PPC for Car Dealerships in 2022
While we can’t imagine a world without Google or Siri, paid advertising actually started way before these trends. The first documented paid advertising platform was called Planet Oasis, and existed only on desktop, of course. Shortly following this phenomenon in 1996, Open Text Index and Goto.com opened up bidding platforms for businesses to show up first as “preferred listings”.
It was clear from the beginning: with advertisers paying an average of $1 per click (which was quite high in 1999), there was a scalable business model.
By 2002, Google released Google Adwords (Now known as “Google Ads”) – the ultimate platform for businesses to show up on relevant search results. While Google led the market with 84.7% of all searches, Yahoo, Bing, and others joined the game giving advertisers a way to reach in-market shoppers.
You can imagine that if Google was already getting about 95% of their revenue from advertisers in 2011, that merely 10 years later it’s still an incredibly competitive (and expensive) space for businesses.
PPC for car dealerships – what’s worked until now?
Until recently, a digital marketing agency or in-house PPC (pay-per-click) teams were sufficient in competing in this advertising war. Businesses put their trust– and money– into human “machines” that plan and execute advertising goals.
Marketing specialists spec and create copy, design, and A/B tests that fit the business goals. The ads generally run an entire month without being touched or tweaked. At the end of the month, the marketing teams analyze the results and make changes as needed. This is especially true for the classic A/B test, where we investigate which version of the ad performed better after a full 30 days of running similar ads side by side.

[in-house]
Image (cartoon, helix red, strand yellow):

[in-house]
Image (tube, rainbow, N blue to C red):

But as paid search becomes the most competitive advertising space, this routine is just not enough. Even if your copy is competitive and the design is impeccable, businesses need to make real-time optimization and decisions. We need to be working 24/7, which is impossible for the average human.
As search, display, and social networks become the most relevant place to advertise your dealership in 2022, machine learning and artificial intelligence emerge as integral parts of the marketing strategy.
What is machine learning?
Machine learning is the idea that computers (aka machines) can learn from data sets and patterns and make decisions with minimal human intervention. This means that when new data is presented to a trained machine, it comprehends and reacts efficiently.
The simplest way to understand machine learning is with a company like Netflix. Viewers watch shows and movies, and as Netflix understands the user behavior, it recommends other shows to watch based on the interest. As the users preferences change, so do the recommendations.
Industries from oil and gas to hospitality are applying machine learning to increase customer satisfaction and stay competitive. And just like Netflix, the machine learning is allowing these industries to react to big sets of data for better results.
What PPC strategies for car dealerships will work in 2022?
The future of paid search is here. So while manually creating ads worked until now, the new pace is much faster- a pace that only a machine can handle.
In 2022, it will become the norm to automate Google Ads for car dealerships. This means no more manually creating design, copy, and uploading ads. This means no more manually putting a max/min bid on each and every campaign for display networks. It means optimized, updated, and high performing ads for every shopper in real-time.
The trajectory of PPC for car dealerships is pretty amazing and we’re excited to be apart of its journey into the future.
Maximizing Your Dealership’s PPC Campaigns with Google Analytics & Google Ads
Why Car Dealerships Need to Connect their Google Ads to Google Analytics